We've all experienced America's changing natural landscape as the integrity of our forests, seacoasts, and river valleys succumbs to strip malls, new roads, and subdivisions. Too often, we assume that when land is developed it is forever lost to the natural world--or hope that a patchwork of local conservation strategies can somehow hold up against further large-scale development.
In Cities in the Wilderness, Bruce Babbitt makes the case for why we need a national vision of land use. We may have a space program, he points out, but here at home we don't have an open-space policy that can balance the needs for human settlement and community with those for preservation of the natural world upon which life depends. Yet such a balance, the author demonstrates, is as remarkably achievable as it is necessary. This is no call for developing a new federal bureaucracy; Babbitt shows instead how much can be--and has been--done by making thoughtful and beneficial use of laws and institutions already in place.
A hallmark of the book is the author's ability to match imaginative vision with practical understanding. Babbitt draws on his extensive experience to take us behind the scenes negotiating the Florida Everglades restoration project, the largest ever authorized by Congress. In California, we discover how the Endangered Species Act, still one of the most effective laws governing land use, has been employed to restore regional habitat. In the Midwest, we see how new World Trade Organization regulations might be used to help restore Iowa's farmlands and rivers. As a key architect of many environmental success stories, Babbitt reveals how broad restoration projects have thrived through federal- state partnership and how their principles can be extended to other parts of the country.
Whether writing of land use as reflected in the Gettysburg battlefield, the movie Chinatown, or in presidential political strategy, Babbitt gives us fresh insight. In this inspiring and informative book, Babbitt sets his lens to panoramic--and offers a vision of land use as grand as the country's natural heritage.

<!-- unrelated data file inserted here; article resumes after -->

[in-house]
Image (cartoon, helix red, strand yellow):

With historic maps and notes from hikers who explored before her, Eisenfeld and her husband hike, backpack, and bushwhack the hills and the hollows of this beloved but misbegotten place, searching for stories. Descendants recount memories of their ancestors “grieving themselves to death,” and they continue to speak of their people’s displacement from the land as an untold national tragedy.
Shenandoah: A Story of Conservation and Betrayal is Eisenfeld’s personal journey into the park’s hidden past based on her off-trail explorations. She describes the turmoil of residents’ removal as well as the human face of the government officials behind the formation of the park. In this conflict between conservation for the benefit of a nation and private land ownership, she explores her own complicated personal relationship with the park—a relationship she would not have without the heartbreak of the thousands of people removed from their homes.
Norman Williams' organizational format is unique. The notes provided after each case have been omitted, due to a repetition that would result from what has already been said in the text. Instead, a list of questions is provided for the student to ponder, plus occasionally a necessary background, in order to focus attention on the essential turning point in each case. Williams also provides a complete list of cross-references to all standard treatises in the field, for those who wish to explore commentators' thoughts on the subject.
The scope of these materials provides an exploration of the substantive problems involved in land use law, and the legal techniques which have been evolved to deal with them. The definition of this field of law as embodied in these materials focuses on urban and suburban planning problems. A quite artificial distinction between land use law and environmental law has been observed. This is an essential text containing important land use cases and should be read by all legal analysts, urban theorists and planners, and public policymakers.
Written with students firmly in mind, the principal features of this textbook include:
• a clear introduction to every chapter which frames each topic in its wider context;
• corresponding chapter summaries which help to consolidate learning and encourage reflection;
• the use of tables and diagrams to aid understanding of complicated topics;
• a friendly two-color text design which complements Martin Dixon’s comprehensible and engaging writing;
• an updated companion website which supports this textbook with a fully customizable testbank for lecturers; self-test questions and practice exam-style questions for students as well as podcasts to keep students updated with new cases, important decisions and other newsworthy issues relating to land law.
This 9th edition has been thoroughly revised and updated to take into account key developments in the law in the light of the Law Commission’s recommendations on easements and covenants, as well as the increased impact of the HRA 1998 on case law. All major recent decisions and judgments will be incorporated alongside a discussion of proposals for reform and new legislation.
Modern Land Law is one of the most current and reliable textbooks available on land law today.